Although I am a CPA, I’m not an accountant. I became eligible for a job as an accounting professional when I chose to take twelve (12) hours of accounting during my last semester in undergraduate school because, at the time, the U.S. economy was in a deep recession, and accounting majors were having notably less difficulty getting jobs than those in other majors. I held accounting-related jobs during the first five years of my career, but they were all a means to an end: self-employment.

        I also have an MBA. I believe that what one learns obtaining the CFA charter runs circles around what one will learn in all but the very best MBA programs. In fact, I think that MBA stands for ‘Misguided Business Acumen.’ It’s a dreadfully overrated degree; again, the exceptions are the top-tier schools (e.g., Harvard, Chicago, Dartmouth, MIT, Stanford, Wharton, Yale, Columbia. After that, quality starts to fall off.

  2. hey hii
    I read this interesting article… hope this helps….
    http://www.crazycfa.com/cfa-or-cpa

  3. My son completed recently Dual Degree with B.Pharmacy and M.Sc – Finance at BITS, PILANI, INDIA. Presently working the JPMC.
    He is interested for further studies like CPA, CFA and MBA-Finance. For his career growth, please suggest which course would be better.

    • I personally find analysis to be incredibly interesting. It requires insight and ingenuity (there is no rule book), you can win by thinking correctly or lose by being wrong. If it is an MBA with a concentration in finance then my understanding is he will get a good idea of the overall business and have a little more insight in finance than his peers that chose a different path.

      It is not much of a debate (among those who took the time to look at the varying paths) that the CFA program is the most rigorous and difficult of any of the paths. However, the CFA does not possess the almighty “network” associated with an MBA. He will possess a knowledge of finance that trumps that of any MBA (all else equal).

      The CPA is a very prestigious and difficult title to obtain but it is for aspiring to be accountants. If your son does not wish to be an accountant and enjoys finance more, either the MBA or CFA is clearly the choice. Weighing costs and knowledge gained, I picked the CFA, and I am very very happy I did.

  4. Hello Sir
    I am finished with B COM and just an average candidate all through my life.
    i am at a juncture of my life where i have to show a pay back to my investors(parents)
    i love finance but i very lazy to the core ,i m hoping the i will work hard…so my question is
    will CFA be so difficult as seeing the content of the subject material i find it as the topics are
    self explanatory and familiar also as i expressed my interest for finance so is it my cup of tea???

  5. CPA or CFA , which one of this is more difficult . How is the payment for both………it would be gr8 if someone answer dis

    • I’ll try to help you out; however, judging from the way you typed your question, you may be in some trouble for either.

      Qualification: I currently hold both designations.

      If you are finance minded, the CPA will be more difficult, and the inverse for one who is accounting minded.

      If you want to become a CFA, get a degree and go take the exams. Many fail the first one and give up, but once you pass number 1, 2 is easier, and 3 is easier (really due to your comprehension of the material).

      As far as the CPA goes, you cannot even sit (in most states) unless you meet the rigorous education requirements. After you have written the exam (passed), which is given in four parts (Exam Sections) that are not entirely related to one another, you must pass an Ethics exam (even if you met the Ethics requirement under the new education requirements), and accummulate one year’s worth of proessional accounting experience under a practicing CPA.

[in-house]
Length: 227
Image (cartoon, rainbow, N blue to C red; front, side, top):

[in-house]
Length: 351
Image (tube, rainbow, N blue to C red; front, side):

If you get a CPA, your ability to move up in the world of Publc Accounting is limitless. In an industry setting, you are rather limited to the accounting function until you get to either a Controller or CFO position. As far as a CFA goes, you are limited to data analytics and financial forcasts until you reach the CFO level. Both designations take you down drastically different roads, and holding both only benefits you if you find an employer who values both designations.

      If you want rely on one of the designations to move you up in the world, get a CPA. The finance world is crowded with people who have been in the business longer than you, know more than you, and who no longer have jobs. CPA’s are getting older (nearer to retirement – industry trend), which means an entire generation is soon to be replaced. There will need to be people to replace them, and people to replace them, and so forth down the chain.

      Hope that helps, good luck!

  6. hi , iam ansar malik from islamabad. i have recently completed MBA finance here in sarhad university peshawar. so could not ind the job. then now i have decided to do CMA/ oracle financial.
    can you help me in choosing a subject of CMA pakistan / cfa/ cpa/ cima etc. which course will be more suitable for me . i have got 3.22 cgpa in MBA finance . so please properly guide me , i wanna go to abroad , USA/ Canada/ australia/ uk/ europe/ gulf countries etc. thanks but i have no work experience. so what will be better for me?
    thanks

    Ansar Malik
    MBA Finance

    • A CPA with knowledge of IFRS. Come to the USofA, you will be the most highly recruited professional around.

      • hi I have studied Mba in Finance but later on i realized that it has no or less value in international market. I mean here in UK i could not find any relevant job yet , therefore i decided to go in Accounting or Finance. Firstly i decided to do CA, as i want to select a field which has much broader aspects than any other. but then after my friends recomended ACCA, i was a bit confused about choosing between them. Now here comes CPA and CFA. i also like these fields. I do not want to involve my self in Public accounting, so Can you please guide me what would be a better for me. thank you

  7. Major thanks for the blog article. Much obliged.

  8. I have achieved my level 1, CFA years ago and for various reasons have not yet earned level 2 and 3. I am over 40 now, and although I have various other accounting and auditing accreditation (i.e., MBA, CPA, CIA, CISA, CAMS), I am wondering how achieving a CFA can help me at this late stage in my career. Perhaps using the CFA to help others with their retirement planning?

    Anyway, please provide career advice if possible.

    Best Regards,

    Dennis